Roy Woods had been talking on a hands-free phone when he hit Alan Couper outside a golf club last year.
Hampshire Woman Praises Macmillan
More than one in five breast cancer patients (22.6%) will have recurrence of the disease, according to a research report out today.
A groundbreaking study from Macmillan Cancer Support puts a number - for the first time - on how many breast cancer patients may see the condition return.
A spokeswoman for the charity said that before this research, data was only available on diagnosis and survival of breast cancer.
The preliminary results also showed that half of those patients (51%) who developed recurrent disease lived for more than three years disease-free, and on average survived for at least one year after their recurrence, with some surviving (5%) at least 10 years.
The research is to be presented at the National Cancer Intelligence Network (NCIN) conference in Birmingham from June 14 to June 16.
Dr Adam Glaser, one of the study's principal investigators at St James's Institute of Oncology, Leeds, said:
''The aim of this study is to begin to understand more about how long people may survive without recurrence, how long they may survive if cancer does return, the cost of each stage of cancer treatment and how we can best plan services for cancer patients.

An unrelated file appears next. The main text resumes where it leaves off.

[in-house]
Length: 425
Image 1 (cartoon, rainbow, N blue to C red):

''These findings are invaluable in helping us understand just how many breast cancer patients are experiencing cancer for the first or second time.''
Jane Maher, chief medical officer of Macmillan Cancer Support, said:
''Not only do these women have to deal with the shock of their breast cancer returning, but also far too many are given very little practical or emotional support, the assumption being they know what to expect from the first time they were treated.
''It is therefore essential that health professionals identify breast cancer recurrence early and take heed of this emerging evidence to better prepare breast cancer patients to help mitigate or cope with a recurrent disease.
''Macmillan secondary breast cancer nurses do just that, we need to see this as a priority across the NHS.''
Shonagh Eastwell, 40, from Aldershot, Hampshire , who was supported by Jane Watts, a Macmillan secondary breast cancer nurse specialist through her secondary breast cancer treatment, said:
''I was devastated when I realised I had secondary breast cancer.
''I thought 'no-one is this unlucky'. When I was introduced to Jane from Macmillan I was in shock. It hit me so much harder than the first time.
''She was fantastic and really understood how different it was for me this time round and how much more support I needed than when I was first diagnosed. I couldn't have done it without her.''
For more information about Macmillan, people can visit www.macmillan.org.uk or call 0808 808 00 00.
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